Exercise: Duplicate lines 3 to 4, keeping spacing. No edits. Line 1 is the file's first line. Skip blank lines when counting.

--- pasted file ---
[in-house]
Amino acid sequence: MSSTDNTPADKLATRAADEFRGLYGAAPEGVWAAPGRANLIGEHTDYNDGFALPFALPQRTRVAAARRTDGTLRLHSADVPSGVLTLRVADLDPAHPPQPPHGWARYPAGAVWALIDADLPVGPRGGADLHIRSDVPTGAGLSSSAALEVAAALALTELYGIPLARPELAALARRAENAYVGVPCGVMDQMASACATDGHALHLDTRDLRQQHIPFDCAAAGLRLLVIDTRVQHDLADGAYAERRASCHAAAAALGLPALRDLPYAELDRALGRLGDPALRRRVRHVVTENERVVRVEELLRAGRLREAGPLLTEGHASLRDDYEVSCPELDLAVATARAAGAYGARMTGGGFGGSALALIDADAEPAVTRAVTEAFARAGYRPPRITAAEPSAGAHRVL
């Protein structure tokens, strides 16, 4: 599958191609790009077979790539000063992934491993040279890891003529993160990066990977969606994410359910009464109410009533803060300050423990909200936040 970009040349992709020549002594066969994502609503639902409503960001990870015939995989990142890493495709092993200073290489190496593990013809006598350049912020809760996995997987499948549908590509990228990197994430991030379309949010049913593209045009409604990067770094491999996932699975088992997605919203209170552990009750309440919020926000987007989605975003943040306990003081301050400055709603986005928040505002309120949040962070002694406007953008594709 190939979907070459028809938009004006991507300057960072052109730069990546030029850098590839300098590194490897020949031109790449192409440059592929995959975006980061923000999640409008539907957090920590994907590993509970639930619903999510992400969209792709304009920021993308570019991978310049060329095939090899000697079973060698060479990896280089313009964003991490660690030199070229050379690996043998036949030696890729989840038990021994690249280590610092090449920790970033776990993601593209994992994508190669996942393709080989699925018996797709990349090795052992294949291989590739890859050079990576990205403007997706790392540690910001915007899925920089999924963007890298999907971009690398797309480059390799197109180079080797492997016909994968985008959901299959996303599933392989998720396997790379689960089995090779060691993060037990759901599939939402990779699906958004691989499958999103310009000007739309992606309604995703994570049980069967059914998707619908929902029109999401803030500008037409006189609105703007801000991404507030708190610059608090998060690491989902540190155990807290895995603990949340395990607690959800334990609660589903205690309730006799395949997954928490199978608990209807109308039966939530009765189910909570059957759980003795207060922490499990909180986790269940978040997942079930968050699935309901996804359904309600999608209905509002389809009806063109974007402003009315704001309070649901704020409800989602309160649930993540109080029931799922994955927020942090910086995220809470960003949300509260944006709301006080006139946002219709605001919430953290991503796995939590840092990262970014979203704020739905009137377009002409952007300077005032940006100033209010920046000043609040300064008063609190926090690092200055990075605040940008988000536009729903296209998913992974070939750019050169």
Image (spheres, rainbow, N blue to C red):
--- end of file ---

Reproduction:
């Protein structure tokens, strides 16, 4: 599958191609790009077979790539000063992934491993040279890891003529993160990066990977969606994410359910009464109410009533803060300050423990909200936040 970009040349992709020549002594066969994502609503639902409503960001990870015939995989990142890493495709092993200073290489190496593990013809006598350049912020809760996995997987499948549908590509990228990197994430991030379309949010049913593209045009409604990067770094491999996932699975088992997605919203209170552990009750309440919020926000987007989605975003943040306990003081301050400055709603986005928040505002309120949040962070002694406007953008594709 190939979907070459028809938009004006991507300057960072052109730069990546030029850098590839300098590194490897020949031109790449192409440059592929995959975006980061923000999640409008539907957090920590994907590993509970639930619903999510992400969209792709304009920021993308570019991978310049060329095939090899000697079973060698060479990896280089313009964003991490660690030199070229050379690996043998036949030696890729989840038990021994690249280590610092090449920790970033776990993601593209994992994508190669996942393709080989699925018996797709990349090795052992294949291989590739890859050079990576990205403007997706790392540690910001915007899925920089999924963007890298999907971009690398797309480059390799197109180079080797492997016909994968985008959901299959996303599933392989998720396997790379689960089995090779060691993060037990759901599939939402990779699906958004691989499958999103310009000007739309992606309604995703994570049980069967059914998707619908929902029109999401803030500008037409006189609105703007801000991404507030708190610059608090998060690491989902540190155990807290895995603990949340395990607690959800334990609660589903205690309730006799395949997954928490199978608990209807109308039966939530009765189910909570059957759980003795207060922490499990909180986790269940978040997942079930968050699935309901996804359904309600999608209905509002389809009806063109974007402003009315704001309070649901704020409800989602309160649930993540109080029931799922994955927020942090910086995220809470960003949300509260944006709301006080006139946002219709605001919430953290991503796995939590840092990262970014979203704020739905009137377009002409952007300077005032940006100033209010920046000043609040300064008063609190926090690092200055990075605040940008988000536009729903296209998913992974070939750019050169």
Image (spheres, rainbow, N blue to C red):